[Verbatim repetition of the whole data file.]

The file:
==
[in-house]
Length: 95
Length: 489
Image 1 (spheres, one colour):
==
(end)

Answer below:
[in-house]
Length: 95
Length: 489
Image 1 (spheres, one colour):